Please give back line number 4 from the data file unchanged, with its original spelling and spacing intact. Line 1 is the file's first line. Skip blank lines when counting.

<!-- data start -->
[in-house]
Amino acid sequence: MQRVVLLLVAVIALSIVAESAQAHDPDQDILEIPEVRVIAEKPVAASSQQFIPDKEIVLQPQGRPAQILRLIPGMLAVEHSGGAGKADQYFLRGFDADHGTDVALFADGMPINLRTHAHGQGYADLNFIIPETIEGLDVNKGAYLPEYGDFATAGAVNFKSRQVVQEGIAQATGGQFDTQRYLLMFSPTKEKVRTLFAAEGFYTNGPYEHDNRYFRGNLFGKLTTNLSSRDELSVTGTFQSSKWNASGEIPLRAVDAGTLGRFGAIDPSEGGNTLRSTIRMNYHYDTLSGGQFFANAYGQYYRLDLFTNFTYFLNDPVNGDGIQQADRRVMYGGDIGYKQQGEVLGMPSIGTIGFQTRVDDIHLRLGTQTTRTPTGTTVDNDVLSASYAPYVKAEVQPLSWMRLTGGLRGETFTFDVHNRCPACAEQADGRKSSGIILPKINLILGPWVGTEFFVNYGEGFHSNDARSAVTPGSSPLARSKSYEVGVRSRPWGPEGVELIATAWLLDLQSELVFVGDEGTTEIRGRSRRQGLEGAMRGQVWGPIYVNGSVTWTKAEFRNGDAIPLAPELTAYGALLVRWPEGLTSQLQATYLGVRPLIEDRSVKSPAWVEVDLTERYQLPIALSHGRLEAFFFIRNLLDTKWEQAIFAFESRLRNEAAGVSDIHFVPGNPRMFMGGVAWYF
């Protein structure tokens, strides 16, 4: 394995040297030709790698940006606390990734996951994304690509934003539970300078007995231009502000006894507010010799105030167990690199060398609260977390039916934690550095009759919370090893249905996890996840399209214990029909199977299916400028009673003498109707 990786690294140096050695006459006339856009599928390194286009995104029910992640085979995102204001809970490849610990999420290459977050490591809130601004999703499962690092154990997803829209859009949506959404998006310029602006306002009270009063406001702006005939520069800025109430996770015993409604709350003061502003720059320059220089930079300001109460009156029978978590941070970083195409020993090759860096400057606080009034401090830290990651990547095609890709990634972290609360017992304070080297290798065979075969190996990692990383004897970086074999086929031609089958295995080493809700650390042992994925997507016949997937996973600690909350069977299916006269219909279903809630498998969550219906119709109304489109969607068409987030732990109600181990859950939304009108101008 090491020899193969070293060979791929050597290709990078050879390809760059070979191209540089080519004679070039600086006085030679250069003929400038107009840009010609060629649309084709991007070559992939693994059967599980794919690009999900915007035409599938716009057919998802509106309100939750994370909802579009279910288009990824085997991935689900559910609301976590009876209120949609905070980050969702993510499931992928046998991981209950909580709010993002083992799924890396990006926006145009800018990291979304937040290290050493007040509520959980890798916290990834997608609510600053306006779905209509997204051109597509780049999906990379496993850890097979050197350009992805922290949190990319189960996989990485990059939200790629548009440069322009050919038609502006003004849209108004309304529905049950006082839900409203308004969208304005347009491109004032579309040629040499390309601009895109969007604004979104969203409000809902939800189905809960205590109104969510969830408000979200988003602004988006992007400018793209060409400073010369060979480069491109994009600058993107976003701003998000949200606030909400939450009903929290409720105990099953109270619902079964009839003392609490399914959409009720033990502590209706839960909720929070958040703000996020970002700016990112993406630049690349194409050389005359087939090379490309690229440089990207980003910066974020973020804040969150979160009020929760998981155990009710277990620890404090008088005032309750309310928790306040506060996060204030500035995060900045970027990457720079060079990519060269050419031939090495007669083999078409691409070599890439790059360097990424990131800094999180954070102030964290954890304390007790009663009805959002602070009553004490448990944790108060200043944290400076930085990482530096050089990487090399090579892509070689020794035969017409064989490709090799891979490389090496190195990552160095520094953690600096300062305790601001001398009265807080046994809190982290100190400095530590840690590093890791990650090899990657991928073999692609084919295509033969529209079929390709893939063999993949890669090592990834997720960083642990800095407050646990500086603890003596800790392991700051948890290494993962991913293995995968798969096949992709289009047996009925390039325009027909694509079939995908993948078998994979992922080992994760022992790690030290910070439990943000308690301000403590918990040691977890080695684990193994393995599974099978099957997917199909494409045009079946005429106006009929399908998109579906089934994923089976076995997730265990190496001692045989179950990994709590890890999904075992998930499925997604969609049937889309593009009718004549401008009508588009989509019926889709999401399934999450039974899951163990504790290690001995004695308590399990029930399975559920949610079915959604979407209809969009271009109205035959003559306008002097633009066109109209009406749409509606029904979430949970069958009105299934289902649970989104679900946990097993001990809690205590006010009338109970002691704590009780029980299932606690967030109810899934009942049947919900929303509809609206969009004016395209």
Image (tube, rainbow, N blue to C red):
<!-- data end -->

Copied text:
Image (tube, rainbow, N blue to C red):